Secondly, the dynamics of this method will help us to trace the development of ethnicity or sectionalism in Nigeria and Enugu state in particular. Societies and all social; processes are always in motion, their development determined by contradiction inherent in them. With this method, we shall try to attempt to explain various contradictions in the society that generate state creation. This method will also help us to understand not only how the problem of sectionalism started, but also its dynamics over time.
Thirdly, the relatedness of elements of social life as emphasized by this method will help us in finding out the extent the economic process along with how other processes affect and in turn affected by ethnicity (state creation) and also the extent to which ethnicity can assume a dynamism of its own.
Arising from the research questions, we hypothesize that:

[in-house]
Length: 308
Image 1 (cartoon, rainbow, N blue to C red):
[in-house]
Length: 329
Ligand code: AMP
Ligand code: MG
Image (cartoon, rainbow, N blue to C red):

1. Tribal interest is responsible for the agitation for state creation in Nigeria.
2. State creation does not solve the problem of ethnicity in Enugu.
3. Democratic regime hardly facilitates state creation in Nigeria.
4. State creation promotes development.
The data used for this study were generated from secondary sources. The materials that constitute the secondary data for this study include: books from libraries such as textbooks, journals, newspapers/magazines, seminar papers delivered at workshops and unpublished materials.
This research work will be analyzed using content analysis of written records. This method of analysis will help this research work collect and analyze the views of various scholars on the politics of state creation in Nigeria, using Enugu State as the case study.
1.9 SCOPE OF STUDY
This project work shall discuss the politics of state creation in Nigeria, focusing mainly on Enugu State.
1.10 OPERATIONALIZATION OF CONCEPTS